Limp Clocks

Spain is different. To begin with, in the North, they don’t speak Spanish. Instead, it’s a kind of glottal coughing, similar to Spanish – the Catalan. If the ferociously revolutionary graffiti are to be believed the Cataluňas would banish the pagan French and their bastard cousins the Spanish to the nether regions of Hell and allow them to conduct their affairs in peace. A gentle meander around the northeastern corner of the Pyrenees found me in Figueras. I had wanted to go to Figueras for some time, since it houses the Dali Museum. Salvador Dali was unquestionably the most hideously precocious and talented painter of his generation –  he embraced surrealism as a metaphor for his life and his life drawing rivals Raphael. The jewellery exhibition – so produced because Dali believed that the artistic value of a piece was of greater value than its constituent materials – is reminiscent of the quality of  Fabergé eggs. Much has been written about his obsessive/compulsive habits, anguished Catholic guilt, shameless self-aggrandisement and dollar-chasing,  his promiscuous Russian-born wife and his therapy sessions with Freud, who saw through the empty clowning and unmasked the painter’s pathological, paranoid fear of sex. Up close, the works reveal a master craftsman, tortured, shocking and outrageous. His limp clocks – or is it Soft Watches, are symbolic of an era.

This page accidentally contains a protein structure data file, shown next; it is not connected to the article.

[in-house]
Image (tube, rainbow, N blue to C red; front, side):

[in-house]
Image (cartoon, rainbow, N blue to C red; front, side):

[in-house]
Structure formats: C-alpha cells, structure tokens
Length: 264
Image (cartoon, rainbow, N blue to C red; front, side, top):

His wife and muse features in almost every piece, one way or another. Sweet.

3 thoughts on “Limp Clocks

  1. “Limp clocks?” You're very naughty. Salvador Dali is safe from me… though I certainly might be induced to see 'Barthelona.' And I think it's very sweet that his muse features so prominently. =)


  2. You might be surprised. The painterly quality of his work is absolutely masterful.
    I cannot imagine what a professional individual might find naughty about a limp clock. The metaphor on the fluidity of time seems clear enough. I must find you one to look at.


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